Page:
largemouth bass are endemic to peninsular Florida and are the
foundation of Florida's world famous trophy bass fishery. Agency
studies revealed that some bass populations in south and central
Florida were contaminated with northern largemouth bass alleles
(i.e., genes) by historical stocking practices. Private fish
producers continued to import northern largemouth bass and their
hybrids into Florida and private citizens stocked them into ponds
and lakes in the southern and central part of the state during the
2000s (Porak et al. 2007). Intergrade largemouth bass populations
were found farther south than previously recognized (Barthel et al.
There are many management practices that will
help conserve the genetic integrity of Florida largemouth bass.
These include: 1) educate private hatcheries and the public about a
new rule that made northern largemouth bass and their hybrids
conditional species (requiring a permit) south and east of the
Suwannee River and develop appropriate enforcement strategies, 2)
test and certify brood fish at the Florida Bass Conservation Center
(FBCC) to ensure that only pure Florida bass are stocked in their
native range throughout peninsular Florida, 3) use high numbers of
hatchery brood fish to guarantee genetic diversity of hatchery fish
that are released into public waters, 4) use only wild-caught
hatchery brood fish to avoid domesticated hatchery fish that would
be less fit to survive in the wild after they are stocked, and 5)
minimize out breeding among genetically divergent groups of
populations by only stocking fish that had parents obtained within
the same geographical area designated by FWC as a Genetic
Management Unit (GMU).
Austin et al. (unpublished manuscript)
determined the current raceway breeding practices at the FBCC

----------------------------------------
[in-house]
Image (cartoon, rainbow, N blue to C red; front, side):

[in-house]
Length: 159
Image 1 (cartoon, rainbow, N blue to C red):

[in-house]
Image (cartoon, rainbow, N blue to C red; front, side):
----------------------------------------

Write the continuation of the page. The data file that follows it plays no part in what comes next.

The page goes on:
maintain substantial portions of genetic diversity of the breeding
stock and support continuation of current breeding protocol used at
this hatchery. Establishment of four or five GMUs (Porak et al.
2007) is supported by black bass genetics research (Barthel et al.
unpublished manuscript) and FWC's genetics policy for release of
fish (Tringali et al. 2007). In the short term, continue research
on hatchery brood fish genetics, genetic structure, and diversity
of Florida bass populations, and genetic composition of bass that
are privately produced and stocked into Florida ponds and lakes. In
the long term, evaluate the potential for selective breeding of
trophy bass or production of triploid or gynogenetic triploid bass
for select trophy bass management lakes. Evaluate and if possible
prevent further hybridization of shoal bass with other black bass
species. Determine genetic makeup of Florida population of Suwannee
bass to monitor and prevent, if possible, hybridization with other
black bass species.
- Ensure the genetic integrity, fitness, and conservation
of endemic black bass within Florida panhandle river
More than half of the recognized black bass species
(Micropterus) are present in Florida Panhandle streams,
including the two species with the most restricted ranges, i.e.,
shoal bass (M. cataractae) and Suwannee bass (M.
notius). Although habitat degradation is the most serious
threat to panhandle bass populations, there is potential for
interspecific hybridization to pose a more immediate threat in some